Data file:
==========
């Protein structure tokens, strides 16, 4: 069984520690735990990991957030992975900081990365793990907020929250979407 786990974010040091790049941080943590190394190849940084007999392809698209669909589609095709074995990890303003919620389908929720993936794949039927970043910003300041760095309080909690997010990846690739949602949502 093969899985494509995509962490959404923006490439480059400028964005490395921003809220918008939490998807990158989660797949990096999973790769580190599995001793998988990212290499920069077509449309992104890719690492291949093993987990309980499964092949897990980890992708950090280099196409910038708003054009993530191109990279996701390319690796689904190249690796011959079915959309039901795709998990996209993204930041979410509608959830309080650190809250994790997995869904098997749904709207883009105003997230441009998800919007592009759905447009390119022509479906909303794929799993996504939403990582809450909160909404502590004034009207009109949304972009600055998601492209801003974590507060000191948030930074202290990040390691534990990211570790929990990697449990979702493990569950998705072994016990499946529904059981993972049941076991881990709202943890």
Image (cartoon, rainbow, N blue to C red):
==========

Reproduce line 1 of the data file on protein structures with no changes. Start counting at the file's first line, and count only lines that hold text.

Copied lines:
């Protein structure tokens, strides 16, 4: 069984520690735990990991957030992975900081990365793990907020929250979407 786990974010040091790049941080943590190394190849940084007999392809698209669909589609095709074995990890303003919620389908929720993936794949039927970043910003300041760095309080909690997010990846690739949602949502 093969899985494509995509962490959404923006490439480059400028964005490395921003809220918008939490998807990158989660797949990096999973790769580190599995001793998988990212290499920069077509449309992104890719690492291949093993987990309980499964092949897990980890992708950090280099196409910038708003054009993530191109990279996701390319690796689904190249690796011959079915959309039901795709998990996209993204930041979410509608959830309080650190809250994790997995869904098997749904709207883009105003997230441009998800919007592009759905447009390119022509479906909303794929799993996504939403990582809450909160909404502590004034009207009109949304972009600055998601492209801003974590507060000191948030930074202290990040390691534990990211570790929990990697449990979702493990569950998705072994016990499946529904059981993972049941076991881990709202943890």